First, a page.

Paul Nicholls has already collected the William Hill King George VI Chase more times than any trainer in history and he believes Silviniaco Conti and Al Ferof hold equally good chances of providing his eighth winner at Kempton on Thursday.
Only two horses, See More Business and Kauto Star, were responsible for his run of success, and his young pair of chasers are ushering in a new era at Ditcheat.
Silviniaco Conti, who ended up losing his way after a scintillating performance in the Betfair Chase last year, was beaten by Grands Crus on his previous visit to the Sunbury course in the 2011 Feltham, but is expected to relish the dampening conditions.
Noel Fehily’s mount was third back at Haydock last month for the Betfair and must again take on the first and second, Cue Card and Dynaste.
Al Ferof, who is to be partnered by Daryl Jacob, made light of a year’s absence when winning a two-runner event at Ascot but is trying a distance half a mile further than he has ever attempted before.
“They’re both well and worked nicely last week,” said Nicholls.
“Everything is on schedule. I think the rain at Kempton will definitely help Silviniaco Conti, you’d be worried it wouldn’t suit him so well round there if it was quick.
“Al Ferof is well, there is a bit of a doubt at the trip on softer ground but he’s by Dom Alco, they stay well, and he looked like he was staying on up the hill when winning the Paddy Power last year. I can’t split them really.”
Cue Card was a lacklustre fifth, beaten 20 lengths by Long Run, last year, but since then managed to win the Ryanair Chase at Cheltenham before issuing firm proof he stays three miles at Haydock.
Colin Tizzard’s star was also unable to manage better than third when attempting to retain Exeter’s Haldon Gold Cup on his reappearance.
“We’re absolutely delighted with him and he came out of the Haydock race very well,” Tizzard said.
“I thought he was nearly unbeatable at Exeter, but apparently the last win in a handicap off his rating was Denman (2009 Hennessy) so that puts it into perspective. He didn’t jump as well as he could have, for whatever reason, but he put that to bed at Haydock.
“The race brought him on and we were a bit harder on him. He takes it ever so well.
“He looked as though he’s a dour stayer. Most Champion Bumper horses have ended up three-milers or three-mile plus and at Haydock he was in his comfort zone when the rest were going flat out.
“It was the first time he had run over (three miles), in last year’s King George, it wasn’t his day but he put that to bed for the rest of the season.”
David Pipe is expecting some improvement from Dynaste, especially with the deteriorating ground.
He told At The Races: “It was our first run of the season (at Haydock) and we’d like to think we can get a little bit more out of him.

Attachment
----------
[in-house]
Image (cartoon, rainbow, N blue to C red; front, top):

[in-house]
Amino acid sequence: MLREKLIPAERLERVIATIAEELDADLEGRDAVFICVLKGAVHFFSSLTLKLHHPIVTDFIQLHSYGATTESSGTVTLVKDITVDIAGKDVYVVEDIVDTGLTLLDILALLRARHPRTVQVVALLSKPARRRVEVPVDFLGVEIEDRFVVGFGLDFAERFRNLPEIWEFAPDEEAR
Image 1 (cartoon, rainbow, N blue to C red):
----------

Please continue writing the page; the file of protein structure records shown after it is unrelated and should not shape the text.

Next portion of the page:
“He was very impressive in the Feltham last year, so obviously he likes the track and if this rain keeps falling, I think that will probably play to our strengths as well.
“He wasn’t good enough on the day last season at Cheltenham, but I’m not sure you saw the real Dynaste there.
“It was great to end the season winning at Aintree and he put in a career-best last time at Haydock, so he must be improving.
“We haven’t really looked much further than the King George. I expect he’ll have an entry in the Gold Cup and I expect he’ll have an entry in the Ryanair.”
Nicholls’ great rival Nicky Henderson saddles dual King George winner Long Run, who has something to prove after the Charlie Hall and Betfair Chase and is fitted with a visor for the first time.
Stablemate Riverside Theatre, the former runner-up and recent Peterborough Chase hero, wears both blinkers and a hood.
Long Run often wore cheekpieces before and owner Robert Waley-Cohen is enjoying the lack of expectation which has accompanied him to Kempton in the past.
“I love being under the radar this year,” he said.
“He has won three times and been second once at Kempton so it’s a course that suits him. I think the older he gets, the longer it takes him to get fit but he is jumping much better than he did in his younger days.
“He needs a good, fast pace. I never thought Cue Card would stay three miles the way he did at Haydock, so hats off to the Tizzard family – he’s entitled to go there as the favourite.”
Martin Keighley’s Champion Court led much of the way 12 months ago until weakening for fourth and was only beaten half a length by Riverside Theatre after a fine effort at Huntingdon.
“He’s mad fresh actually, which is a good sign, I didn’t know if the King George would be an option but he came out of the Peterborough so well, it’s worth a go,” said Keighley.
“Although it’s raining, I don’t think it will be as bad as the ground was last year, where he travelled like the winner turning in and didn’t quite get home.
“We’ll ride him a bit differently this year, take our time on him, and it he can get in the first four, it would be great.”
The sole Irish raider is Mount Benbulben, who unseated his rider on his first step outside novice company at Down Royal.
“He’s in good form and we’re hopeful he’ll have a good each-way chance,” said trainer Gordon Elliott.
Last year’s runner-up Captain Chris was ruled after suffering a minor injury during a schooling session on Monday morning.
Trainer Philip Hobbs said: “He won’t be running on Boxing Day. He banged a joint schooling, it’s nothing serious but he won’t be running.
“I hope he will now run in the new williamhill.com Chase at Kempton on January 11.”
Hobbs and the Whateley family will still be represented by solid course performer Menorah, and the trainer added: “He runs and is in good form.”
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